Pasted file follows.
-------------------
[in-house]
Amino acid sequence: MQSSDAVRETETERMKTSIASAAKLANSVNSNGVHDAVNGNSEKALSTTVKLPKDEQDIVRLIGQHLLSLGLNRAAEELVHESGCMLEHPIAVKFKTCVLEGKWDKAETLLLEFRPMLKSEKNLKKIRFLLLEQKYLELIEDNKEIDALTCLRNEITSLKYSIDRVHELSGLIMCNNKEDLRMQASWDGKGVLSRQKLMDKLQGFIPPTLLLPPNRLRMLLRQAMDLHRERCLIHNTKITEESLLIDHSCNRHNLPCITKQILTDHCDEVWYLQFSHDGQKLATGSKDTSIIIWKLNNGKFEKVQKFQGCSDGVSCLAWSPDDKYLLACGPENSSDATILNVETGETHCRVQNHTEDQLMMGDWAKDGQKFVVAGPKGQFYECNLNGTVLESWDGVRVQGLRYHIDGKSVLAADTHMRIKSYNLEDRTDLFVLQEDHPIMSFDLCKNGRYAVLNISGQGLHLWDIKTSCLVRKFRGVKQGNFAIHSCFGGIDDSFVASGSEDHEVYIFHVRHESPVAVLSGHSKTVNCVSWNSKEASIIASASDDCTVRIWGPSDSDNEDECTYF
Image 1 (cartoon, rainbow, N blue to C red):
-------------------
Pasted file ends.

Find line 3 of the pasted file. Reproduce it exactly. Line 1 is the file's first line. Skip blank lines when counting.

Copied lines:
Image 1 (cartoon, rainbow, N blue to C red):